Upper house MP and former government whip, Peter Phelps, compared the issue of live baiting in the greyhound industry withscandals inrugby league and match fixing in cricket, wondering if the government would also ban those sports.

“He got quite emotional,” the source said, adding that Mr Baird responded with equal passion to defend the ban.

Mr Baird reportedlytold the meeting he had no intention of closingthe industry before he read the damning report of the Special Commission of Inquiry in NSW Greyhound Racing by former High Court judge Michael McHugh.

Mr McHugh’s reportwhich found as many as 68,000greyhoundswere slaughtered as “wastage” in the past 12 years “because they were considered too slow to pay their way or were unsuitable for racing”.

It recommended the NSW Parliament decide whether the industry has lost its social licence and should be no longer able to operate.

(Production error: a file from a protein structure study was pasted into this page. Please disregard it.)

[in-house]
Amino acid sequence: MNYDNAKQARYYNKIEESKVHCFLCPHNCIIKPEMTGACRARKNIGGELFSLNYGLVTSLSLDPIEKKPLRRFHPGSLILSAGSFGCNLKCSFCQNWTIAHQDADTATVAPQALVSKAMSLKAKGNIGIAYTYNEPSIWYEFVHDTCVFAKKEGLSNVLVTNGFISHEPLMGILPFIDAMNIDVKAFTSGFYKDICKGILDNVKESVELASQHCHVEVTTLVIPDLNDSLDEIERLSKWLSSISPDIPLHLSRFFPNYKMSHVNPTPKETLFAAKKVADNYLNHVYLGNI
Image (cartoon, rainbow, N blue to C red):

But some Nationals, including CootamundraMP Katrina Hodgkinson, Barwon MP Kevin Humphries and Clarence MP Chris Gulaptis have publicly argued against the ban, warning it will devastate local communities.

The industry argues it has reformed since the issue came to light in an expose of live baiting by ABC’sFour Cornersprogram and deserves the chance to prove itself.

Last week it launched legal action in the NSW Supreme Court seeking to have Mr McHugh’s reportdeclared invalid.

The summons seeks a declaration that Mr McHugh’s report be declared invalid because it was unreasonable, lacked procedural fairness and went beyond the terms of reference.